Ace of Clubs

The most sizzling golfer on the planet cannot crack her own crab legs. Se Ri Pak is about to dig into a heaping plate of Alaskan King Crab in a restaurant in Warren, Ohio, when her mother, Jeong Suk Kim, sits down beside her, slides the plate over and starts extracting flesh from shell—lest Pak damage the most prized set of hands this side of Tiger Woods’s. “You see?” sighs Pak. “I’m not allowed to do anything.”

Actually, she does one thing splendidly well—win golf tournaments. In a span of just 10 weeks, the South Korean-born Pak—who is all of 20 and a first-year player in the Ladies Professional Golf Association—has calmly won four tournaments, including two major titles, to cause the biggest ruckus in her sport since Nancy Lopez won nine events in 1978. On the golf course, Pak is followed by noisy galleries teeming with proud Koreans and gen Xers—Pak’s Pack, if you will. “Se Ri has captured the public’s imagination,” says LPGA commissioner Jim Ritts. “She seems to be one of those athletes who transcends her sport.”

Perhaps most intriguing is Pak’s blend of preternatural maturity and beguiling naïveté. On the course, “she’s got a real good head on her shoulders,” says Lopez, now 41, who has taken a motherly interest in Pak, an intense, fearless competitor. Away from golf, though, the shy and quiet Pak appears even younger than her years. She wears no makeup, has no boyfriend, hangs out mainly with her beagle Happy and charms fans with her limited English (“I have no nervous,” she said after her tense, sudden-death victory in the U.S. Open). “Most girls her age in Korea are wearing makeup and dating,” says her mother. “But Se Ri is still like a little kid.”

To hear Pak tell it, her atypical young adulthood is all part of a master plan. “Right now, golf is first and my life is second,” she explains through an interpreter. “If I really concentrate on golf for the next 10 years or so, then when I’m 30 I will live like a human being.” Like the athlete she is most often compared with—Tiger Woods—Pak’s talent was evident early on. The second of three daughters born in Taejon, South Korea, to Joon Chul, 47, a building contractor, and Jeong Suk Kim, 45, Pak was only 8 when she took a break from watching her dad hit balls and swung her very first club. “I was stunned,” says Joon Chul. “I thought, ‘She can make a living doing this.’ ”

A gifted sprinter and shot-putter, Pak decided at 14 to focus exclusively on golf. Her motivation, she says, was helping her parents, whose construction business had suffered a setback. “They were supporting me so I could play golf even though their business was failing,” says Pak. “I started practicing very hard, not really knowing why. I kept saying to myself, ‘Just wait and see, they’re going to get everything they deserve, if I can help it.’ ”

Her father became her coach and mentor—and a tough one at that. To help her conquer her fears, he once made her spend an evening alone in a cemetery. “And if she made mistakes, I would holler and break clubs,” says Joon Chul. “I was scary sometimes.” The payoff came when Pak, powerfully built at 5’6″ and 147 lbs., started winning tournaments in South Korea—30 amateur events in four years—before joining the U.S. tour in January. Her first win was at the LPGA Championship in May, followed six weeks later by a thrilling playoff victory at the U.S. Open. So far, Pak’s long drives and accurate iron shots have earned her $773,645 in prize money, on top of her 10-year, multimillion-dollar endorsement deal with Samsung. In June, she met President Clinton at the White House, and for the first time in her life got to wear high heels.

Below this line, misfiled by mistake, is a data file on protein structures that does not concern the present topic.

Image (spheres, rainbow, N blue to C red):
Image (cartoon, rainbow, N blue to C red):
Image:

Despite her single-minded focus, Pak realizes there is more to life than winning tournaments. “I haven’t had a normal life since I started playing golf,” says Pak, who lives alone in a three-bedroom apartment in Orlando. The pleasure of Happy’s company aside, Pak is often lonely. “I don’t really have a whole lot of friends,” she says. Her parents, who visit often but live in South Korea with Pak’s younger sister Ae Ri, 17, a high school junior, and an older sister Yoo Ri, 25, a makeup artist, appear keen on keeping Pak on top of her sport. “She needs to capture 30 or 40 titles and be the first Korean player in the Hall of Fame before we can rest,” says her mother.

At the rate Pak is winning now, their day of rest may not be that far off. In fact, one day Se Ri may even get to crack her own crab legs. She seems to want that. “To be the best at something, you have to give up other things,” she says. “But sometimes I wish I could just be like other 20-year-olds. Just have a normal life and lots of friends and do absolutely nothing for a change.”

Alex Tresniowski

Nora Choi Lee in Warren

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